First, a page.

The Whole Story of Grains

w breaed 4In case you haven’t noticed, dietitian’s are somewhat strange unique individuals.  Or maybe I’m just a unique individual and it has nothing to do with me being a dietitian? Either way, I definitely have my quirks.  For example, I love to read food labels (does anyone else do this in the grocery store?).  I know the calorie content of way more foods than I should.  And, I asked for a wheat grinder for Christmas.  Not clothes, or jewelry, or purses or whatever it is adult women ask for.  A wheat grinder.  Why? Because I wanted to be able to make whole wheat flour of course.  Doesn’t everyone?  To get to the point, whole wheat and other whole grains are an important part of nourishing our little sprouts but, just like drinks, the world of whole grains can be a little bit tricky to navigate.  Hopefully today we can clear up the mysteries of whole grains and help you and your kiddos understand why they’re important and where we get them.  

You’ve probably heard that whole grains are good for you, but I think it’s important to understand the WHY behind statements like that (I was obviously one of those precious children constantly asking why, why, why…).  For starters, whole grains contain fiber.  Fiber really deserves its own post but, in a nutshell, fiber helps keep us regular, lowers cholesterol, helps control appetite, helps control blood sugar, and basically is wonderful and hugely important in our kid’s diet.   Whole grains contain a variety of B vitamins your little one needs including riboflavin, niacin, and folate. (which help make their hair and skin healthy, among other things, and what 3 year old doesn’t want gorgeous shiny locks?!)  Whole grains also contain iron, magnesium, and selenium which, just take my word for it, are very important for your growing sprout.  All good things right??

Now that we all understand why we need whole grains, let’s talk about where we get them.  Any grain we eat can be a whole grain, it just means that when ground, all parts of the grain (bran, germ, and endosperm) were included and less processing occurred (refined grains only contain the endosperm).  Examples include: corn, brown rice, buckwheat, wheat, popcorn, barley, rye and oats.  Half of your sprout’s grains should come from whole grains but just because an item is labeled “whole grain” does not actually mean that it is made entirely with whole grains.  Confusing right? Well, here are the three places to look to make sure you’re not being duped by the food industry into buying brown bread that has the same nutritional benefits as a marshmallow.   100 wW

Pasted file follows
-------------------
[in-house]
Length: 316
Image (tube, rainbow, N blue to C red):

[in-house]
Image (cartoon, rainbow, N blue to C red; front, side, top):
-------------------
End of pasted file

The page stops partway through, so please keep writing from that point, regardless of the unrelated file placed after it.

1. On the package it should say “100% whole wheat/grain”.  If that 100% isn’t somewhere on the package (it’s typically right in front), it probably isn’t really WHOLE grain.  FullSizeRender 6
  2. The ingredients list (remember how reading nutrition facts is my grocery store hobby??).  The first ingredient should say whole grain/oat/corn/wheat (you get the idea).  If it says enriched anything in the ingredients list (even if it says enriched wheat) it’s not actually 100% whole grain.  {If you’re currently thinking, forget 100% whole grains, I just want to get my kid to eat any whole grains, never fear.  Try to find products where whole (insert grain here) is listed before any “enriched” products.} stamp 4
  3. Look for the whole grain stamp.  If you haven’t noticed this on foods before now, start paying attention.  This indicates how many grams of whole grains are in that product.  Obviously, the higher the number the better.   If the product is 100% whole grain, the stamp should say so.

So there you have it.  Everything you never wanted to know about whole grains.  Next week we’ll put this into action by discussing good sources of whole grains as well as ways to encourage your little one to increase their whole grain consumption, so stay tuned.  In the meantime, use your new label reading skills to check for whole grains in what you’re buying and add a wheat grinder to your wish list… kidding about the wheat grinder part…sort of 🙂

*The information on this site is provided as an information resource only, and is not to be used or relied on for any diagnostic or treatment purposes.  This information is not intended to be patient education, does not create any patient-provider relationship, and should not be used as a substitute for professional diagnosis and treatment.  Please consult your healthcare provider before making any diet or treatment decisions.

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